As a Board President with a supporting Board, I had the first and probably last opportunity to clean house on a deeply flawed organization that happens to do wonderful things. I could have simply exerted normal Board authority and fixed most of the problems. Unfortunately, the organization doesn’t believe in Board authority, and half of my Board flipped at the last moment and left me with no options. I gave them a graceful resignation, and they are busily maneuvering for position while they agree mainly on the need to drive a bus over my well-intentioned corpse. Whoever emerges as the new Board President will learn the same lessons I did. They will cycle through optimism and frustration that arrives at paralysis, and if they attempt to make a change, they will have the same target on their back that I did. The Old Dog Haven Board will continue as a symbolic checklist item, a nonfunctional rubber stamp for a sole dictator in charge of the future of an organization. Dictators can last a very long time, but their domains tend to be a lot less successful than they should be.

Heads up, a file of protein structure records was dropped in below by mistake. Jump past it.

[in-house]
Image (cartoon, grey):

But that’s not the fun part. The fun part is that the faction that controls the organization is in the business of personal power at the expense of a clean organization. They are all willing and capable of stabbing each other in the back to curry favor with whomever they think will give them an advantage at any given moment. I’ve seen the tides shift numerous times in my short tenure, and I wonder how long it will take without the easy, unifying target of the Face of Evil ™ before they start turning on each other again. History says it won’t be long. In the meantime, I resist the temptation to hurry it along by throwing forwarded email grenades onto the battlefield.

I sound bitter, but mostly I’m sad. I don’t really care who runs the show as long as it continues, because the mission is important to me. In its current state, almost anything could cause the whole organization to implode. I had hoped to stabilize it, but I failed.

Another wasted distraction, filed under, “No good deed go unpunished.”

So, a great deal of time – measured very accurately by how little blogging has occurred – and effort wasted, but that time is freed up. What to do? I hope there are still a few of you willing to scream, “Publish!” at me.